Galactic Odyssey by Keith Laumer is an enjoyable sf adventure story that includes a number of memorable ideas. My favorite appears in Chapter Nine when the protagonist, captured by alien slavers, gets put to work sorting apparently-identical glowing spheres into categories. He's strapped into an electricified training harness next to the conveyor belt, and then:

... A bulb came toward me and a sensation like a hot needle stabbed the middle finger on my right hand. I punched the key under it and the pain stopped, but there was another bulb coming, and the needle stabbed my little finger this time, and I jabbed with it, and there was another bulb coming. . . .

"It's a surefire teaching system," Fsha-fsha said in his cheery, sub-cellar voice. "Your hands learn to sort without even bringing the forebrain into it. You can't beat pain-association for fast results."

For the rest of the shift, I watched glorm-bulbs sail at me, trying to second-guess the pain circuits that were activated by Fsha-fsha's selections. All I had to do was recognize a left-forefinger or right ring-finger bulb before he did, and punch the key first. By the end of the first hour my hands ached like unlanced boils. By the second hour, my arms were numb to the elbow. At the end of three hours I was throbbing all over.

"You did fine," Fsha-fsha told me when the gong rang that meant the shift was ended. "Old Hruba knew what he was doing when he assigned you here. You're a quick study. You were coding ten percent above random the last few minutes."

That's typical Laumerian understatement, tongue-in-cheek humor with a twist of philosophy. After a rest Our Hero returns to the sorting line:

The training sessions got worse for the next three shifts; then I started to catch on — or my eye and fingers did; I still couldn't consciously tell one glorm-bulb from another. By the time I'd been at it for six weeks, I was as good as Fsha-fsha. I was promoted to a bulb-line of my own, and the harness went back in the locker.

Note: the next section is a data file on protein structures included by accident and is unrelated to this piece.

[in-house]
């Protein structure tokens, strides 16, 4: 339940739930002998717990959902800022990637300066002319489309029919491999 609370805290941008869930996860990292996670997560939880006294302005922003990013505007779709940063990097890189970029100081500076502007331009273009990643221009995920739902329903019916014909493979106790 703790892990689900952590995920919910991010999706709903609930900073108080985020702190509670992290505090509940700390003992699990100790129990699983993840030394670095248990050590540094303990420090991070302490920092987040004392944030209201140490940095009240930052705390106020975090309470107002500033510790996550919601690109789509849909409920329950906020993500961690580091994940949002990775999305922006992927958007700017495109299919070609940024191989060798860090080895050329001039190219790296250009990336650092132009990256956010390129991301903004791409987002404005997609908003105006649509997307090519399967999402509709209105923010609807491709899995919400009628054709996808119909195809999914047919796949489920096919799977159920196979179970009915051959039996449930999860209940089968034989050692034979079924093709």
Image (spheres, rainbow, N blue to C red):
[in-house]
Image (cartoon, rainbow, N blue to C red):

The Sorting training, as it turned out, didn't only apply to glorm-bulbs. One day the line appeared with what looked like tangles of colored spaghetti riding on it.

"Watch," Fsha-fsha said, and I followed through as he sorted them into six categories. Then I tried it, without much luck.

"You have to key-in your response patterns," he said. "Tie this one . . ." he flipped his sorting key, " . . . to one of your learned circuits. And this one . . ." he coded another gob of wires, " . . . to another. . . ."

I didn't really understand all that, but I tried making analogies to my subliminal distinctions among apparently identical glorm-bulbs — and it worked. After that, I sorted all kinds of things, and found that after a single run-through, I could pick them out unerringly.

"You've trained a new section of your brain," Fsha-fsha said. "And it isn't just a Sorting line where this works; you can use it on any kind of categorical analysis."

And of course, this new mental power comes in quite handy at a critical juncture many pages later — just as, in Real Life, it's valuable to learn how to walk, talk, and do a variety of other activities at a non-conscious level ...

(see FreeLibrary (29 May 2003), AwesomeProwess (17 Jul 2003), ... )

TopicLiterature - TopicMind - TopicHumor - 2004-08-14

(correlates: SeeingEyeSingle, MaryLandersForMathias, UnfortunateBillboard, ...)